The Fresh Loaf

News & Information for Amateur Bakers and Artisan Bread Enthusiasts

Whole Wheat Multigrain (Take 2)

  • Pin It
Mebake's picture
Mebake

Whole Wheat Multigrain (Take 2)

This time, i used 50% bread flour with (12.9%) protein, and 50% Wholewheat Pastry Flour(11%) Protein. I also included in my soaker (Flax seeds, Whole Rye Berries, Whole BuckWheat, and Whole Sunf. Seeds).


Encouraged by Larry's gas oven steaming, i created steam by pouring hot water into an Aluminum Skillet filled with lava and river rocks. Presteaming might have been crucial , especially in vented gas ovens. I presteamed, steamed, and then steamed again. I even sprayed the top of the loaves beofre loading them in.  Result: Not Bad, though no Artistic Grigne was created, but it is a trade off iam glad to accept, as opposed to the trouble of avoiding Roaster loading, and off-loading, with rack moving.


It came out very nice, held shape better, though as apparent from the crumb shot, the loaf was on the edge of overproofing.







The loaves smelled strongly of Flax seeds. The crust and crumb tasted very pleasant, with the chewy bite to the crumb due to all the soaked grain s and seeds.


Verdict: Improved crumb due to the usage of BREAD flour instead of AP.


Khalid


 

Comments

weavershouse's picture
weavershouse

I love the multi-grained breads and yours look perfect.


 


weavershouse

trailrunner's picture
trailrunner

Try my method and see if you don't like it. 500 preheat with stone in oven. Preheat roaster/lid. Place bread in hot roaster, spray bread, close roaster. place in 500 degree and turn back to 460. Leave it alone for 25 minutes. Remove lid and cont to back till brown enough...approx 15 more depending on size of loaf. My miche in other post was 2 #. Took 40 min to get to 208 degrees. Good Luck ! c

Mebake's picture
Mebake

Hey, thanks weaverhouse, haven't seen you in a while in TFL. I love this site, its s inspiring!


Thanks ,Trailrunner. I have tried your method, only with 15 minutes covered, 30 minutes uncovered. I'll try your method, thanks!!


Khalid

lief's picture
lief

I like the look of the crumb of this bake vs. the whole wheat/AP flour bake.  Good job!

SylviaH's picture
SylviaH

nice crumb with the BF. 


Sylvia

wally's picture
wally

I don't know it's your steaming or your formula, but I like the result.


Larry

Mebake's picture
Mebake

Thanks lief, Sylvia and Larry!

hanseata's picture
hanseata

Karin

pixielou55's picture
pixielou55

HI


Can you post the recipe? This is exactly what I'm looking for


Thanks


Nancy

Mebake's picture
Mebake

Hi, Nancy!


Iam afraid that posting the recipe is a copyright infringement of Mr. Hamelman's Book. But since you are a TFL member, i'll be glad to help you with useful hints:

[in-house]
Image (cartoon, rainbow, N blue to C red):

This is a 50% wholewheat Multigrain bread.


A) This Recipe utilizes a preferment. It is a white preferment at 125% hydrarion. You have to prepare that in advance.


B) Simultaneously, you have to prepare a hot soaker of cracked grains, and seeds (in which ever combination you wish) and dissolve all or most of the formula salt in it.


C) The recipe calls for a sweetner, and little yeast at the end.


D) When ingredients are ready, mix them until you have a medium consistency dough - do not over develop gluten at this stage. Adjust water if necessary.Hydration on the dough should be around 80% due to the soaker effect. I mixed the dough by hand using the Slap and Fold technique: here


E) Bulk fermentation takes 2 hours, with stretch and fold at the bench after 1 hour.


F) Cut the dough, and preshape. Wait 15 minutes, and then shape and invert doughs into heavily floured baskets.


G) Preheat your oven to 500F. Final Fermantation is 1 hour.


H) Bake with steam for 15minutes, and without for 20 minutes.


 


Hope this helps!


Khalid


 


 


 

pixielou55's picture
pixielou55

Khalid


Thanks for the asisstance. And I am going to find the book - seems like it has recipes I've wanted to try.


Question - I have never wanted to make sourdough bread because of what I used to try in the stores. But last weekend I bought some from the Mennonites in KY and love it. Is what you buy in the store NOT what real sourdough bread is? I don't like that real strong sour taste, or is that what sourdough is all about? I seem to be missing out on so many great recipes.


Thanks


Nancy

hanseata's picture
hanseata

At least here in Maine I know of only one good store (other than the local store I bake for) where you can buy decent sourdough bread, but only white Levain. What you usually get is bread made with some sour taste adding ingredients, no long rising times, no real flavor development - just sour.


The Mennonites will have baked their sourdough bread the "old fashioned way", with real sourdough starter and organic ingredients instead of a pre-fabricated, additive laden dough mix.


Karin